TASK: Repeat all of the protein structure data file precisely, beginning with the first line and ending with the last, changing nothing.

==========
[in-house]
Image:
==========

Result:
[in-house]
Image: